When IT organizations don’t integrate SV into their culture and IT decision-making processes, they under-utilize the potential of service virtualization (SV). When SV is integrated in a holistic manner, SV maturity increases and the organization begins to develop the muscle and flexibility necessary to deliver the requisite scale, speed, velocity, and value that business leaders expect.
In his book, Digitally Remastered: Building Software into Your Business DNA, Otto Berkes identifies IT’s optimization of continuous development and delivery capabilities as important ingredients for building a Modern Software Factory. He notes that robust Agile and DevOps capabilities are essential to driving speed of innovation and responsiveness to deliver real customer value. In the Modern Software Factory era, IT teams—with support from business stakeholders—must:
- Foster environments where continuous improvement, led or influenced by IT, is always top of mind
- Create and operate software, and focus on its business value as a core capability—or better—a competitive differentiator
- Operate in the mindset of developing muscle and flexibility through software
- Figuratively put software at the center of the business.
The Importance of Defining an SV Maturity Model
Organizations that develop a robust SV maturity model or roadmap and integrate SV into their software development lifecycle (SDLC) are generally more successful. These organizations target low-effort/high-value virtualizations, demonstrate business value using SV, create standardized processes and methods for delivering SV, integrate SV into the SDLC, and find ways to federate SV delivery to move faster and generate greater business value. On the other hand, organizations that under-invest in continuous improvement of people and SV processes miss the mark and undermine the value-generating ability of their SV assets.
Airplane pilots carefully plan flights by incorporating frequent checkpoints to gauge progress and enable course correction. Similarly, organizations should to plan the milestones and activities necessary to continuously improve SV maturity, monitor progress, and correct course as needed. CA’s approach to adoption and maturity establishes a model with customizable sequenced activities that help organizations create scale. This crawl®walk®run approach separates activities into a logical focus areas.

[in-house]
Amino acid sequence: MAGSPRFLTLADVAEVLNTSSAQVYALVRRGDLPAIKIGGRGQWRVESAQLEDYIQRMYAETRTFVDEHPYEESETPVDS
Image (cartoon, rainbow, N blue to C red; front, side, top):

Early-stage activities in the adoption model drive business value, increase knowledge of SV, and create reference implementations of SV artifacts. Middle-stage activities increase utilization and streamline SV delivery; many of these activities focus on people and process. Final-stage activities optimize and deliver SV at scale in the application lifecycle ecosystem. This graphic illustrates some of the activities and focus areas in the maturity model:
SV Integration into the SDLC is Critical
When presented with the model above, customers sometimes ask which activities are most important for developing a maturity model. While they’re all important, failing to integrate SV with SDLC processes and people will impede maturity. Integrating SV into the SDLC enables organizations to identify the points in the lifecycle processes where SV generates maximum value. This enables the constituent teams (business and product owners, architects, developers, managers, quality assurance, etc.) to understand where SV is expected to provide value. Without this understanding, teams are less effective in driving business outcomes.
A related issue is that many organizations have the initial SV conversation in the lifecycle’s development phase—too late to allow time for SV to generate positive impact. SV should be discussed when service needs are initially identified. At the latest, SV should be discussed during the analysis phase, when the service contract is being created or reviewed by an architect.
With the advent of Agile, test-driven, and behavior-driven development methodologies, organizations are striving to shift left. As they do, alignment between SV and the SDLC becomes even more critical. SV touch points must shift as developers and quality assurance personnel work side by side to iteratively deliver features.
While creating a roadmap to maturity and aligning SV with the SDLC are critical, they aren’t the only elements an organization must address to build SV muscle and flexibility. In a future blog, we’ll focus on change management as a key element of SV strategy.
I welcome your comments and questions below.